David

If you’ve now given someone an example, they don’t leave a week later having resolved a problem themselves and say, Oh, wow, my, my boss sure did a great job coaching me to a solution. No, they say, wow. I, you know, I got some good advice, but I thought about it and I found the right way forward. And now that can be addictive. That can be something that someone wants to do again, not to mention the fact that you can really steam, steam roll through your day being productive, if you’re able to solve issues like that. So, so theoretically, that is my approach, trying to encourage people to think about their own platform and as they have issues and how they might spring from that platform or how they might even adjust their stance to resolve them. And then for the people that, that have some success with it, you’ll find that they become very motivated to say, well, if I learned from that issue, then where else could I improve maybe other people who come to me and think that I’m their roadblock, maybe it’s because of their perspectives. And now I can have a different type of interaction with that person. And, you know, maybe I wish I could keep statistics on how often that that approach is successful, but at least it’s an approach that, that, that I try and I have seen successful on occasion.

Sally

And I think in a, in a, in a day-to-day basis where there’s so many things happening and you know, your, your head’s down doing your work, and then you’re confronted with this direct report, he wants you to fix something. It’s that it’s almost that, that sliding door moment of going fix it, or coach it and taking the deep breath to catch yourself, to be able to say, this is a coachable moment. Um, and not go, I don’t have time for this. I don’t have time for this. Let me just fix it. Let me just fix it. Um, cause that’s the, that’s the reality as well. I mean, it is much quicker and faster in the moment to fix it, but that’s a short term gain. And I, and I have to agree with you that when we do empower people, they walk away going, I’ve realised and you’re sitting there going, well, I asked the question, I asked the question, but you know, their success is our success when we think of it from a leadership perspective. So, um, you’ve got to take the, uh, take the credit in the fact that they are empowered and, and the fact that they can say I had this realisation, um, and there’s a light bulb moment, which, um, can last a long time, which is fantastic. Yeah. Yeah. I love that. Thank you. So we’re just about out of time. I’ve got one more question for you, and that is what is the one thing you wish you knew about self-leadership when you first stepped into a leadership role?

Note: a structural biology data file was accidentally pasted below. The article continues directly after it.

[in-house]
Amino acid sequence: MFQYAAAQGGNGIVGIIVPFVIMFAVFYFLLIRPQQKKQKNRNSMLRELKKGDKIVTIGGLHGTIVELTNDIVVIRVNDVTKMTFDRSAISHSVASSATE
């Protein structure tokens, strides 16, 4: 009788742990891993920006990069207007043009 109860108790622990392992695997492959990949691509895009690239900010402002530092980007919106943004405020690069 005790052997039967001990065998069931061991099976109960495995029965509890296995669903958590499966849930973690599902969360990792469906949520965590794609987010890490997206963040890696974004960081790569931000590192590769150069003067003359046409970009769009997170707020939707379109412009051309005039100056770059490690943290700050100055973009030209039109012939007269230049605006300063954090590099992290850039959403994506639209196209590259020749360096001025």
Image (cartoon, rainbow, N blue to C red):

David

Right. You know, I think one of the themes throughout our discussion right here has really been kind of mindfulness. And there there’s some aspect of that to self-leadership because it is taking those seconds or minutes and just saying, where am I coming from? What am I basing that on compared to maybe what I would like to be basing that on, where I’d like to be approaching. And one of the things that I didn’t appreciate coming into, uh, and in management specifically, right? So now dealing with resources and then how to allocate them was kind of the difference between a fast decision and a good decision. And then really in line with what you just said, you, you have this, this pressure, which is that if I complete 20 tasks today, that’s way better than if I complete five that’s way, way better. And so when these things come at me, if there is a simple solution, I’m gonna stamp it and move it on and I’ve done great and everybody’s happy, but, and especially in, in an area like research, these decisions have ramifications down the road.

David

And now you as a, as a leader in particular leader, when you get to maybe influence vision and long-term planning, you have to kind of think about that process as it flies through this longer timeline. So your solutions and your contributions are not always limited to the next 24 hours or the next work week, as some of them have, have impacts. And so where self-leadership and mindfulness play into that, is that when you have these moments, as you’re thinking about problem, or you’re thinking about an opportunity, you’re thinking about something exciting, the difference in saying this is something that I can think about for a day versus this is something that needs to be sent away in the next few minutes. That even when it’s not apparent in the beginning of that can make a big difference in kind of the ultimate quality of what you decide and a willingness to, to think further.